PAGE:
He was stunned. His guests probably were as well, but they weren't currently on screen. "If you have a problem, Mr Kelmut," Nick gritted. "You should take it up with those responsible. I was not responsible, so please don't come onto my show and throw those accusations at me!"

"Okay," I huffed. "I'll throw some more appropriate accusations your way if that's preferable."

"It most certainly isn't-"

"No doubt you've brought somebody onto your panel who agrees with what this disgusting programme portrays. I find it atrocious that you would even consider this an argument with two valid sides."

I could see him growing ever more frustrated. His eyes were furrowed, staring intensely down the camera. "Well if you would actually wait your turn, because, you know, I never asked you to start ranting, you would actually hear what my other guests have to say!"

"I don't need to hear what they have to say!" I barked. "What is the point of this game? I'm not here for pointless debate, I'm here to make myself heard. There are no two-sides to this! CrescentCreations have betrayed my trust and exploited my people. They are using them for cheap reality television and harassing those that they film! I-"

"Mr Kelmut… Mr Kelmut!" Nick intruded, bringing me to a reluctant stop. "You don't run this show. You don't get to run your mouth like a rabid dog. Not when I'm in charge! Now, if I could finally bring Sam-"

"I haven't finished yet!" I was vibrating on my stool. Behind the camera I could see the crew watching on, motionless and almost unbelieving. It didn't faze me, and neither did Nick as he tried to bring Sam Hinchcliffe into the conversation. I flicked my snout angrily and interrupted. "CrescentCreations have-"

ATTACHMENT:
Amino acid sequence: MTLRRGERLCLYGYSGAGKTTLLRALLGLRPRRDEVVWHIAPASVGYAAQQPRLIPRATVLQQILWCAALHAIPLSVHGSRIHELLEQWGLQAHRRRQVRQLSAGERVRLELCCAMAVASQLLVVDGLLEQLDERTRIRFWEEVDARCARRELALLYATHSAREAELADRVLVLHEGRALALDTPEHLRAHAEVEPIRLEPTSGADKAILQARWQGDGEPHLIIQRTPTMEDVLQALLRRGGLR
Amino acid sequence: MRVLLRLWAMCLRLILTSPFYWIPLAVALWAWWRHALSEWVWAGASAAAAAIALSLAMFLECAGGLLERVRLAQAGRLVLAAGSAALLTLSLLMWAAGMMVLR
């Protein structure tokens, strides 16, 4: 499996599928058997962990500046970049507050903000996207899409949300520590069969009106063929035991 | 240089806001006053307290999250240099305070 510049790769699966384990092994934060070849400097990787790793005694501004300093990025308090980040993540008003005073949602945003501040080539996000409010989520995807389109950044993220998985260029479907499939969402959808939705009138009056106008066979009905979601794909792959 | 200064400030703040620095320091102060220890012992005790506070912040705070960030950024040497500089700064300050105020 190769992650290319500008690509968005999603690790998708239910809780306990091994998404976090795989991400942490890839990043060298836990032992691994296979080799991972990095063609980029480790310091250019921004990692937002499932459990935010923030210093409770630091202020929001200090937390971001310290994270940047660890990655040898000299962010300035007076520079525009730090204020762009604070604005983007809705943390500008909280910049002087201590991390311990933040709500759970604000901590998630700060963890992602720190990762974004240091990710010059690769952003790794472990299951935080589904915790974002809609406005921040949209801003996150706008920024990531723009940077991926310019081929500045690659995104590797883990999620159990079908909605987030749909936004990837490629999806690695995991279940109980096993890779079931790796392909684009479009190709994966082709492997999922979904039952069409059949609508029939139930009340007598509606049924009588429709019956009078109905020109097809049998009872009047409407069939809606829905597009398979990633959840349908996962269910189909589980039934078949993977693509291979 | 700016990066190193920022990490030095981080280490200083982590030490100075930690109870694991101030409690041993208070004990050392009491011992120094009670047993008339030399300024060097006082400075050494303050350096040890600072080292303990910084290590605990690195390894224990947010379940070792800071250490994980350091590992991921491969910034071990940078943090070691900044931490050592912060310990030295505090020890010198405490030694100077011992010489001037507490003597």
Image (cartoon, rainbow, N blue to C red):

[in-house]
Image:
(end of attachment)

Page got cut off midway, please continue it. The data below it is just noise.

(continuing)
"Mr Kelmut!" Nick snapped. "If you cannot keep quiet for just a minute I'll cut your mic!"

How I wanted to argue with him, but the threat of being silenced caused me to rethink. I begrudgingly sat back and listened as Sam Hinchcliffe was given centre stage.

He leaned forward in his seat, attention clearly focused on Nick alone. "Thank you. To be honest, Nick, I don't know what all the fuss is about. And I don't know why Mr Kelmut thinks that it's appropriate to come on here screaming and shouting like some wild animal about it."

"You do know." I asserted to clear things up.

We were both on screen together now, our faces side by side, framed in a computer generated white background. Sam was now looking to his camera, indirectly looking at me. "Look, I don't know what's gotten you so agitated, but this is no way to act on television, let alone on one of America's biggest news stations! Let us not forget that, if rumour is correct, it was you, Mr Kelmut, that allowed CrescentCreations into the park in the first place."

I didn't flinch. I knew that it would come up. "Yes, I did."

"So why are you coming onto this show trying to bite our heads off?!" Sam pressed with an almost mocking laugh, shrugging.

"I expected something of value to come out of it," I replied instantly. "I expected documentaries that would fairly present my people. What I didn't expect was a band of egomaniacs running around the park, bullying my people and filming the results!"

"Well you should have thought about that beforehand," Sam suggested fiercely. "If you didn't properly inspect the forms and didn't decide what they were going to do, then I have no sympathy for you! Sorry!"

"I didn't demand your sympathy!" I shouted, beginning to lose my temper again. "I am here to correct my mistakes. Just because I allowed this injustice does not mean that it shouldn't be stopped!"

"What injustice?!" Sam responded, a clear baffled expression on his face.